The use of the term brethren in Paul.

Ecclesiastical and familial relationships.


This is a differentiated list of all the instances of the term brother or brethren in the Pauline epistles. I have also included all instances of sister.

Broad sense.

Paul refers to brethren, in the plural and in the sense of any given fellow saints, in the following instances:

1 Corinthians 6.5, 8; 8.12;
Philippians 1.14.

In Romans 9.3 Paul broadly refers to his fellow Jews as my brethren, my kinsmen according to the flesh.

He refers to a brother, in the singular and in the sense of any given fellow saint (sometimes male, often either male or female) in the following instances:

Romans 14.10 (2), 13, 15, 21;
1 Corinthians 5.11; 6.6 (2); 7.12, 14, 15; 8.11, 13 (2);
1 Thessalonians 4.6;
2 Thessalonians 3.15;
Philemon [1.]16.

Paul also refers to a sister, in the singular and in the sense of any given fellow saint (always female), in the following instances:

1 Corinthians 7.15; 9.5 (a sister, a wife).

In some of these instances the sense may not be fellow saint so much as fellow human being, or neighbor.

Paul refers to the broad group of saints belonging to the church to which he is writing as brethren or my brethren, in the vocative case, in the following instances:

Romans 1.13; 7.1, 4; 8.12; 10.1; 11.25; 12.1; 15.14, 30; 16.17;
1 Corinthians 1.10, 11, 26; 2.1; 3.1; 4.6; 7.24, 29; 10.1; 11.33; 12.1; 14.6, 20, 26, 39; 15.1, 31, 50, 58; 16.15;
2 Corinthians 1.8; 8.1; 13.11;
Galatians 1.11; 3.15; 4.12, 28, 31; 5.11, 13; 6.1, 18;
Philippians 1.12; 3.1, 13, 17; 4.1, 8;
1 Thessalonians 1.4; 2.1, 9, 14, 17; 3.7; 4.1, 10 (second instance); 4.13; 5.1, 4, 12, 14, 25;
2 Thessalonians 1.3; 2.1, 13, 15; 3.1, 6, 13.

He also occasionally refers to all the brethren, apparently meaning all the saints in a particular locale, in the opening or closing of an epistle:

1 Corinthians 16.20; Galatians 1.2; 1 Thessalonians 5.26.

Pseudo-Paul* refers broadly to the brethren (Ephesians 6.23; 1 Timothy 4.6), to Pudens and Linus and Claudia and all the brethren (2 Timothy 4.21), and to the saints and faithful brethren (Colossians 1.2). Once he gives instructions to treat the younger men as brothers and the younger women as sisters (1 Timothy 5.1-2), and once he admonishes servants not to disrespect their masters just because they are brethren (1 Timothy 6.2).

* The grouping together of these various references under the name of pseudo-Paul is not meant to imply that Ephesians, Colossians, and the pastoral epistles are all to be attributed to one and the same author.

Narrow sense.

Only twice does he refer to an individual saint as brother in the vocative case, and he does so exactly in the epistle we might expect, that to Philemon:

Philemon [1.]7, 20 (the brother in both cases is Philemon).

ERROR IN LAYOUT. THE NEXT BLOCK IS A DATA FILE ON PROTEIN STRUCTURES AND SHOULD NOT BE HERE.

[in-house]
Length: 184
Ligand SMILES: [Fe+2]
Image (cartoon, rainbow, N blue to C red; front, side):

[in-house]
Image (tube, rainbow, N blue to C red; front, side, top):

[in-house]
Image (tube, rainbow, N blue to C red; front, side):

Sometimes Paul refers to a narrow group of people as the brethren, in the plural, and it appears to be understood that he means the (group of) brethren of whom I am speaking. That is, Paul has in mind a narrow set of individuals (not as extensive as an entire church), but does not give the names:

Romans 6.14; 1 Corinthians 16.11, 12 (second instance); 2 Corinthians 8.23; 9.3, 5; 11.9; 1 Thessalonians 4.10 (first instance); Philippians 4.21.

Paul also thrice refers to an unnamed brother, in the singular, in the same sense (that is, Paul obviously has a single individual in mind, but he does not give the name):

2 Corinthians 8.18, 22; 12.18.

Paul sometimes refers to each of certain named individuals as a (or the) brother, in the singular:

Romans 16.23 (Quartus the brother);
1 Corinthians 1.1 (Sosthenes the brother); 16.12 (first instance; Apollos the brother);
2 Corinthians 1.1 (Timothy the brother);
2.13 (Titus my brother); Philippians 2.25 (Epaphroditus my brother);
1 Thessalonians 3.2 (Timothy our brother);
Philemon [1.]1 (Timothy the brother).

Paul likewise twice refers to named individuals as the sister, in the singular:

Romans 16.1 (Phoebe our sister);
Philemon [1.]2 (Apphia the sister).

In Romans 16.15 Paul mentions Nereus and his sister, clearly a sister by blood, not in a metaphorical sense.

In 1 Corinthians 15.6 Paul refers to the more than 500 brethren who saw the risen Lord on one occasion.

Pseudo-Paul* refers narrowly to Tychicus the beloved brother (Ephesians 6.21; Colossians 4.7), Onesimus the faithful and beloved brother (Colossians 4.9), Timothy the faithful brother (Colossians 1.1), and the brethren in Laodicea (Colossians 4.15).

* Again, the grouping together of these various references under the name of pseudo-Paul is not meant to imply that Ephesians, Colossians, and the pastoral epistles are all to be attributed to one and the same author.

Special sense.

In Romans 8.29 Paul calls Jesus the firstborn among many brethren.

In 1 Corinthians 9.5 Paul calls a certain group of ministers the brothers (or brethren) of the Lord.

In Galatians 1.19 Paul refers to James as the brother of the Lord.

Brethren in the sense of fellows of Jesus: Matthew 28.10; John 20.17; Romans 8.29; Hebrews 2.11-12, 17. (In the context of each of these passages, the brethren are related to Jesus, or to Jesus Christ, or to the son, never to the Lord.)